Verifying the Velodrome
At face value, watching Track Cycling is - in the same way that folk say football is a game of grown men chasing a ball - a sport where grown men and women ride around in circles for a bit. That is of course a brutal assessment. For many decamping in the East end of London on Friday, attending the Track World Cup event at the Olympic Velodrome was their first taste of Track Cycling. And while they may have entered as cynics, very few would have left unconverted to the sheer fever of the sport.
Track Cycling has tremendous support in Britain today. Chris Boardman, and his magical Lotus bike perhaps ignited the modern love affair with the sport in Barcelona ’92. Fast forward twenty years, and stars of the sport such as Chris Hoy (who through his exploits in Beijing became a Knight of the Realm no less) and Victoria Pendleton are household names. Curiously, cycling en masse is tapping away at the second tier of popular sports in the country; Track aside, Mark Cavendish’s wins over the last eighteen months has moved Road Cycling into new heights of popularity. In having a summer Olympics in your own backyard there is a very timely fillip to boost interest and engender even more goodwill with an eager nation of sports fans.
Attending the finals night on the Friday, I witnessed several fantastic races involving Britons, with World Records being smashed and Golds being won. The UCI-endorsed World Cup series plays a significant part of the Track Cycling calendar, but like most people attending I was here as much to see and be part of the magnificent Velodrome. It is undoubtedly the most striking venue of all on the London 2012 Olympic Park.
Nicknamed the ‘Pringle’ (owing to the roof’s shape being similar to the popular, sometimes moreish snack), it is a dazzling array of Siberian pine and lights. It is a wonderfully intimate and accessible cathedral of sport. And here’s the best bit: there is not one bad seat in the house. For those fortunate to have higher category seats for the Olympics or Paralympics, you are going to be able to touch the riders (almost); for those sat in the proverbial heavens, you’ll have a fantastic view of the action and enjoy the incredible acoustics.
Pendleton was quoted on Friday after her win as saying “It is unbelievable, the crowd just roared… I was shaking on my bike”, and that is not flattering talk. As her and Jess Varnish powered through the straights, the crowd noise was eminent in its strength and support. Even with Hoy, Kenny and Edgar racing for a Bronze, the noise and the passion did not let up. And in true Olympic spirit, when it was announced Ugandan rider Patrick Lawino was based in London ahead of his race, the crowd took him in as one of their own. It was a fantastic moment, which spoke much about the support of true British Olympic fans ahead of the Games.
British Cycling is in rude health, and you can see why tickets for the event are amongst the very hardest to get hold of for the Olympics. Dave Brailsford and his team have created legacy and longevity within the group. Matt Crampton rode very well in the 1km TT and Laura Trott looks certain to assume Pendleton’s mantle of media darling (either that, or I’m a sucker for a cockney accent and big eyes). There’s much to admire about the group and their future, and the sport deserves a much greater share of coverage in the broader media. The BBC have been covering the evenings here, and maybe Track could be an heir apparent to the hole left by F1.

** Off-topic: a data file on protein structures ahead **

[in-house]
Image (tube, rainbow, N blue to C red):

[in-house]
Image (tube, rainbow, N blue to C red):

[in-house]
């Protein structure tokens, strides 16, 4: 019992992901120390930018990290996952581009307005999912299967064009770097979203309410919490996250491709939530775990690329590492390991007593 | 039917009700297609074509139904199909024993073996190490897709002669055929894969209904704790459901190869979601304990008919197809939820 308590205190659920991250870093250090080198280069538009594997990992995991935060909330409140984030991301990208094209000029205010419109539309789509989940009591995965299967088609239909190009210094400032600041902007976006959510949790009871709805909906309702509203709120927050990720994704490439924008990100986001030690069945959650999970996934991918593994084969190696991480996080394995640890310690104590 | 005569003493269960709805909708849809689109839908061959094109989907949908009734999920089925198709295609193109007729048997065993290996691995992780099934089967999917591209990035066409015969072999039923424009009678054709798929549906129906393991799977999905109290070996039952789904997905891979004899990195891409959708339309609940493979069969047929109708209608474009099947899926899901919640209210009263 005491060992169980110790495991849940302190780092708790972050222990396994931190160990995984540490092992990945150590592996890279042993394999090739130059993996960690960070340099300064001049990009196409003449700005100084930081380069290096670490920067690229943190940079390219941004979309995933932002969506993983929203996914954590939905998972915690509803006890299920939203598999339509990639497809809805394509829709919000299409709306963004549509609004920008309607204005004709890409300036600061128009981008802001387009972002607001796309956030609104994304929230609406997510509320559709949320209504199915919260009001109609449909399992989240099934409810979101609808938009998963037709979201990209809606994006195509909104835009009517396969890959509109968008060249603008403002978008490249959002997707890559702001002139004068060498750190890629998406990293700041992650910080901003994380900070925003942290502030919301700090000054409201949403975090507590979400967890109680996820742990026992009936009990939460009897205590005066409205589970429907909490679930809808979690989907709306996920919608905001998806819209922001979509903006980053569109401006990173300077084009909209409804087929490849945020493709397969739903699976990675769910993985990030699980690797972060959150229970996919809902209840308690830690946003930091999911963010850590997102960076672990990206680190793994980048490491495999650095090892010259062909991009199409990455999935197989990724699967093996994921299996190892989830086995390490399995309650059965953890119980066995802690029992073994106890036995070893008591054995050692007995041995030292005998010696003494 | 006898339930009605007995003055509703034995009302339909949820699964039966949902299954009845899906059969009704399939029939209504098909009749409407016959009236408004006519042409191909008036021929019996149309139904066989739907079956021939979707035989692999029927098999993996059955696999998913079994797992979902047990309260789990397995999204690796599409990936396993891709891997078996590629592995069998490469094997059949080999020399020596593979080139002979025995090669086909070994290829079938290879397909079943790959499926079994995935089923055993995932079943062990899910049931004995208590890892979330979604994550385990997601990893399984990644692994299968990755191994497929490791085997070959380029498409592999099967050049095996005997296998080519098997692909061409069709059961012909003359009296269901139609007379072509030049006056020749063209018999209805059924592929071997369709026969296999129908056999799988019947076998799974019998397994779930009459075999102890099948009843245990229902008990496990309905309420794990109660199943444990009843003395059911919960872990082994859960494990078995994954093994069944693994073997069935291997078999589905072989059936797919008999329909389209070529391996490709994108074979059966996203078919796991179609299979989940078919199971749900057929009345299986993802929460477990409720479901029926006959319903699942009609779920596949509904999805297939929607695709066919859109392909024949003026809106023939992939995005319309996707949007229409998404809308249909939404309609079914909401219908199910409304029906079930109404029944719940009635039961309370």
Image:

One hopes as many Team GB fans as possible get hold of tickets for London 2012 - as one user mentioned on Twitter last night, there is a fear that the partisan numbers could be lost as sponsor and IOC delegate numbers in attendance swell. It’s bitter-sweet for the organisers knowing that the Velodrome could be twice the size (it’s currently 6000) and still be a complete sell-out. This much is certain: anyone with tickets now should consider themselves extremely lucky, following the reception to the test event. It was heartening too to note the enthusiasm and professionalism of all the support staff and security manning both the venue and transport around the Olympic Park. Uses too of Social Media at the event itself was a very good touch and an interesting precursor to coverage ahead of Games time.
I Tweeted at the end of the night that as far as hype goes, people should believe it when it comes to the Velodrome. The venue is a staggering achievement and a testimony to the brilliant sport it is now home to. The road to London 2012 is increasingly homeward-bound and straight. And on tonight’s evidence the British public - the real fans and supporters - are ready for it.
Victoria Pendleton and Jess Varnish set a new world best of 32.754 seconds as they beat Kaarle McCulloch and Anna Meares of Australia in the team sprint.
Shot on an iPhone 4 at the Olympic Velodrome, London. Friday, 17 February 2012.
Read more about me and London 2012.